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April 24, 2024

House Approves Bill to Improve Airport Accessibility for Coloradans with Disabilities

DENVER, CO – The House today passed legislation to improve accessibility at Colorado’s airports by increasing the number of accessible restrooms and walkways, including the voices of Coloradans with disabilities when redesigning large hub airports, and requiring reporting for non-compliance. HB24-1452, sponsored by Representative David Ortiz and Assistant Majority Leader Jennifer Bacon, passed by a vote of 43-18.

“Basic access in airports means that Coloradans with disabilities have a right to air travel safely and with dignity, but unfortunately that has not always been the case,” said Rep. David Ortiz, D-Centennial. “From broken wheelchairs to inaccessible restrooms, the disability community faces many barriers to air travel, which can have negative consequences on our health, economic opportunity, and in some cases cost us our lives. This bill gives community living with a disability a seat at the table to advocate for changes so Colorado can serve as a model for accessibility in airports across the world.”

“The federal bipartisan infrastructure law has granted historic funding to improve airport infrastructure, and our bill ensures some of that money is used to meet accessibility standards that are required under the law,” said Assistant Majority Leader Jennifer Bacon, D-Denver. “The requests that the disability community has made to our airports are not unreasonable - they are essential for the health and safety of our fellow Coloradans. With this legislation, we’re following through with the rights guaranteed under the Americans with Disabilities Act to ensure that Coloradans with disabilities have dignity in air travel.”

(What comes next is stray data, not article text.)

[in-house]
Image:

HB24-1452 would require large hub airports to ensure accessibility for travelers living with disabilities, as well as establish specific duties and deadlines for compliance. The bill requires large hub airports in Colorado to:

  • Establish an advisory committee composed of people with various disabilities to provide input during airport renovations to ensure basic access and equity in air travel;

  • Consult with the disability community and advisory committee during the construction of walkways and other airport facilities;

  • Incorporate wayfinding technology for blind or visually-impaired travelers;

  • Create, maintain, and update a dashboard to report and track basic access shortcomings and violations during the travel process, including a public inquiry form that allows an individual to directly report accessibility issues;

  • Develop and provide comprehensive training programs for direct airport staff on proper handling of equipment like wheelchairs, walkers, medical equipment, and adaptive sports equipment;

  • Provide at least one accessible public restroom per terminal, in addition to companion care changing tables;

  • Use elevators to transport power wheelchairs from the tarmac to the jetway and give elevator priority to these individuals.

Additionally, HB24-1452 would create a pathway for civil lawsuits against large hub airports for damages resulting from violations of their legal responsibilities. 

From complex terminal layouts to long distances between gates, passengers with disabilities face infrastructure, information, and customer service barriers at airports throughout the United States.

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